biscuits.JPG

Reed Hellman

Chesapeake Bay country is laced with traditions; ways of doing things that have existed, and proven effective, through dozens of generations. Many local traditions focus on culinary customs, such as cooking oysters and baking distinctive biscuits and breads.

Oysters hold a special place in Chesapeake tradition and menus. The bay’s oysters were a favorite of the region’s Native Americans and still delight aficionados. On Saturday, Oct. 19, the St. Mary’s County Fairgrounds in Leonardtown, Md., will host the 40th Annual National Oyster Cook-Off, a part of the U.S. Oyster Festival. The contest is open to the public, and invites anyone with an original oyster recipe to enter in one of three menu categories: hors d’oeuvres, soups and stews, and main dishes.

bounty.JPG

Reed Hellman

You can submit up to six recipes by Aug. 31. Nine finalists — three contestants per category — will be chosen in a blind evaluation of their recipes. Prizes in each division include: $300 for first place, $200 for second, $150 for third, and a grand prize total of $1,300.

Fresh oysters must be the predominant part of your dish, and the recipe must use a minimum of a pint of oysters or a dozen fresh oysters in the shell. Contestant chefs cook their dishes in view of the public, but out of the view of the judges. The finished dishes are then submitted to the judges for a blind tasting and to the public audience.

The National Oyster Cook-Off offers an opportunity to serve your oyster recipe to judges who are professionals in the culinary industry. For more information and complete rules, visit usoysterfest.com, or contact the U.S. Oyster Festival at P.O. Box 766, California, MD 20619.

oven.JPG

Reed Hellman

Beaten biscuits from cob ovens

Beaten biscuits are another Chesapeake tradition, made from dough literally beaten to entrain air to help the dough rise. Frequently, those biscuits, and diverse breads, pastries and other dishes, were baked in a “cob oven.” Imagine an igloo-shaped, hollow mound of “cob”, hardened earth mixed with straw, maybe two feet high and a yard across, complete with an igloo-style entrance. Inside the mound, a hot, “quick” fire of stacked finger-sized wood quickly heats the oven’s thick, masonry walls and base. Instinct and experience tell the baker when to rake out the flaming embers, swab the oven’s floor and use the heat trapped in the oven’s masonry to bake a range of foods.

visiting oven.JPG

Reed Hellman

People all over the world still use earthen ovens to bake their daily bread. Earthen ovens can be seen in Peru’s Andes Mountain villages, or in Italy, North Africa, the Middle East, or even New Mexico’s Indian Pueblo Cultural Center. Well into the 19th century, homemade ovens were common sights in rural America.

Today, residential cob ovens are more of a novelty, the domain of enthusiasts and culinary historians, often fashioned from YouTube video instructions. The Benjamin Banneker Historical Park and Museum in Oella, Md., has a working cob oven of a size appropriate for a family. Under a simple lean-to shelter, the oven’s interior temperature can exceed 500 degrees Fahrenheit.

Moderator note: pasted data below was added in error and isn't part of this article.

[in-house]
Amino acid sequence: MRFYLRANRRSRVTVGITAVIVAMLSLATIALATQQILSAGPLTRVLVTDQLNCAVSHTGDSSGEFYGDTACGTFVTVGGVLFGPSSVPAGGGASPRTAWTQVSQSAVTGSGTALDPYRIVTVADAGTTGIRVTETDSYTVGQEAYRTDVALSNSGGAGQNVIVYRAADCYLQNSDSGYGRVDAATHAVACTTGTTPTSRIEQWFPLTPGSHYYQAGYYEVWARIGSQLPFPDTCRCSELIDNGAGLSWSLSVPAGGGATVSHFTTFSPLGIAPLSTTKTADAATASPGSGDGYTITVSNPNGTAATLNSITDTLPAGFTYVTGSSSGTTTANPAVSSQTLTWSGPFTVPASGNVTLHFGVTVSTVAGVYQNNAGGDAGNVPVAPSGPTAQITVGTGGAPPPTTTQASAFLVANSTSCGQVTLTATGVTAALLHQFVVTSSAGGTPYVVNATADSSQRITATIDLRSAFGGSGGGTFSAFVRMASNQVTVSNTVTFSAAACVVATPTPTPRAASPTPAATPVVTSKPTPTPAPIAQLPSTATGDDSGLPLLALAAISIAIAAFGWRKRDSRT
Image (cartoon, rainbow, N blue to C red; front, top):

oven shack.JPG

Reed Hellman

The Bushong House at the Virginia Museum of the Civil War in New Market, Va., has a more upscale outdoor oven, made of brick and equipped with a roof that also covers a prep space. Though less primitive in construction than Banneker’s cob oven, the Bushong’s operating routine is the same: build a fire inside, heat the masonry, rake out the coals and bake. At Landis Valley, outside of Lancaster, Pa., the outdoor oven also operates the same, but shares a substantial stone and siding structure with a smokehouse.

 

 

 

 

Kitchen Guy’s Oysters Guilford

1 pint select oysters with liquor

1 pint seasoned breadcrumbs

Corn oil

1 egg

1/2 teaspoon fresh crushed black pepper

In a bowl, mix the oysters and liquor with a beaten egg and black pepper. Pour the seasoned breadcrumbs into a second bowl. Heat a ¼-inch layer of corn oil in the frying pan. Using pincers or a fork, dip one oyster at a time into the bowl of breadcrumbs and coat thoroughly. Remove each coated oyster and place into the preheated corn oil.

The oysters can cook anywhere from 3 to 10 minutes depending on their size and the heat of the oil. Remove the finished oysters from the pan and place on a paper towel. Serve with cocktail sauce and lemon wedges.

Reed Hellman is a professional writer living in Alberton, Maryland. Visit his W\website at reedhellmanwordsmith.com, or email your questions and comments to RHWay2Go@yahoo.com.

(0) comments

Welcome to the discussion.

Keep it Clean. Please avoid obscene, vulgar, lewd, racist or sexually-oriented language.
PLEASE TURN OFF YOUR CAPS LOCK.
Don't Threaten. Threats of harming another person will not be tolerated.
Be Truthful. Don't knowingly lie about anyone or anything.
Be Nice. No racism, sexism or any sort of -ism that is degrading to another person.
Be Proactive. Use the 'Report' link on each comment to let us know of abusive posts.
Share with Us. We'd love to hear eyewitness accounts, the history behind an article.